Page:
More than 5,000 matric students may have to wait three years before they can rewrite their school leavingÂ exams if they are found guilty of cheating. While students should face punishment for cheating in their exams, putting their lives on hold for three years seems a little harsh â€“ especially given the light sentences some criminals receive for far worse crimes. RAâ€™EESA PATHER brings you five examples that put things into perspective.
1. SHRIEN DEWANI
According to taxi driver Zola Tonga, Shrien Dewani offered to pay him R15,000 to murder Anni Dewani, who was killed while honeymooning with her hubby Shrien in Cape Town. How can a man possibly walk free after that? Oh, wait…
He may have killed Reeva Steenkamp, but it was all just a misunderstanding. The four shots he fired into the door? Well, it was an accident. And thus Oscar Pistorius got a five year sentence. Five years, people! Thatâ€™s the duration of high school. (If you survive). Not to mention that Pistorius will be eligible for parole after just 10 months.
3. HLAUDI MOTSOENENG
A week ago, Hlaudi Motsoeneng took some time out of his busy schedule to preach to journalists about the importance of a matric certificate. It seems Motsoeneng is starting to believe his fake certificate is actually real. Is it just us, or is using faked credentials not any different to cheating to get them in the first place?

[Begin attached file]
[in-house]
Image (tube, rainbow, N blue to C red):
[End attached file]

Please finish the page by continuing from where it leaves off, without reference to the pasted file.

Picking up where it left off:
4. PRESIDENT JACOB ZUMA
Hey, President Zuma, we know you didnâ€™t ask for it, so weâ€™d really like our money back now. Maybe some of it can even be spent on improving education in SA? Also, give the nation a chance toÂ swim in the firepool.
5. LONMIN BOARD
In case you missed the latest from theÂ Marikana Commission of Inuiry… Well, actually not much has happened. Meanwhile, you might be happy to know the minersâ€™ widows have found a way to make ends meet: by working at the mine where their husbands were killed. Both Lonmin and Deputy President Cyril Ramaphosa (who was on the mineâ€™s board at the time of the Marikana massacre) have been accused of colluding with the police. According to Dali Mpofu, advocate for the Marikana families, emails were exchanged between Lonmin management and the government ministers of police and mineral resources.
Ah well, at least weâ€™re holding our matrics to account, right?
Featured image: By Kastom via WikiMedia Commons.